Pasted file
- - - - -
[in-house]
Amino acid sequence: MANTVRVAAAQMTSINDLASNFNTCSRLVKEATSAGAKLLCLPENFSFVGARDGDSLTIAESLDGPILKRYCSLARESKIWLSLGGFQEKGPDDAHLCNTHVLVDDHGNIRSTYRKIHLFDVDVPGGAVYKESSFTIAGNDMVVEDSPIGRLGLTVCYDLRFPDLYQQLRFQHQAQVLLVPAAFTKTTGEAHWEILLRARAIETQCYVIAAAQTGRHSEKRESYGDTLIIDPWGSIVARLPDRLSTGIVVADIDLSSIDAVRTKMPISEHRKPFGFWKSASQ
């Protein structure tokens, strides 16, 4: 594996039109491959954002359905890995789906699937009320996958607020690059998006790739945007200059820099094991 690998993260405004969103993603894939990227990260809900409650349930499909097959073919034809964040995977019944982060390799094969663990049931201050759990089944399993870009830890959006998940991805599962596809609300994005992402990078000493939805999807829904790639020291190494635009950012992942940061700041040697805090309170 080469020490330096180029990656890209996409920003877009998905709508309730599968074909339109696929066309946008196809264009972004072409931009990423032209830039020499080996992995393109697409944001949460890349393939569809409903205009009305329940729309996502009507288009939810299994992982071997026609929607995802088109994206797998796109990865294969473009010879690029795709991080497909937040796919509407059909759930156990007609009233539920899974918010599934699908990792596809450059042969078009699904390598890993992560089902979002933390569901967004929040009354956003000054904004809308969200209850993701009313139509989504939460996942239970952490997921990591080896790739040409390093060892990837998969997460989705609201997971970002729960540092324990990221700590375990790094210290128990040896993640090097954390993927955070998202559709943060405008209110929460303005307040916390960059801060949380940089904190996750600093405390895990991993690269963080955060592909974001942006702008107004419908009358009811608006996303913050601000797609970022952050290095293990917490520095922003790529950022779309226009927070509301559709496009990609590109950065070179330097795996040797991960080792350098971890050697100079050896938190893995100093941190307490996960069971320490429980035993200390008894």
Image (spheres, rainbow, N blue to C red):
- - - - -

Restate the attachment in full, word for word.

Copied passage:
[in-house]
Amino acid sequence: MANTVRVAAAQMTSINDLASNFNTCSRLVKEATSAGAKLLCLPENFSFVGARDGDSLTIAESLDGPILKRYCSLARESKIWLSLGGFQEKGPDDAHLCNTHVLVDDHGNIRSTYRKIHLFDVDVPGGAVYKESSFTIAGNDMVVEDSPIGRLGLTVCYDLRFPDLYQQLRFQHQAQVLLVPAAFTKTTGEAHWEILLRARAIETQCYVIAAAQTGRHSEKRESYGDTLIIDPWGSIVARLPDRLSTGIVVADIDLSSIDAVRTKMPISEHRKPFGFWKSASQ
């Protein structure tokens, strides 16, 4: 594996039109491959954002359905890995789906699937009320996958607020690059998006790739945007200059820099094991 690998993260405004969103993603894939990227990260809900409650349930499909097959073919034809964040995977019944982060390799094969663990049931201050759990089944399993870009830890959006998940991805599962596809609300994005992402990078000493939805999807829904790639020291190494635009950012992942940061700041040697805090309170 080469020490330096180029990656890209996409920003877009998905709508309730599968074909339109696929066309946008196809264009972004072409931009990423032209830039020499080996992995393109697409944001949460890349393939569809409903205009009305329940729309996502009507288009939810299994992982071997026609929607995802088109994206797998796109990865294969473009010879690029795709991080497909937040796919509407059909759930156990007609009233539920899974918010599934699908990792596809450059042969078009699904390598890993992560089902979002933390569901967004929040009354956003000054904004809308969200209850993701009313139509989504939460996942239970952490997921990591080896790739040409390093060892990837998969997460989705609201997971970002729960540092324990990221700590375990790094210290128990040896993640090097954390993927955070998202559709943060405008209110929460303005307040916390960059801060949380940089904190996750600093405390895990991993690269963080955060592909974001942006702008107004419908009358009811608006996303913050601000797609970022952050290095293990917490520095922003790529950022779309226009927070509301559709496009990609590109950065070179330097795996040797991960080792350098971890050697100079050896938190893995100093941190307490996960069971320490429980035993200390008894």
Image (spheres, rainbow, N blue to C red):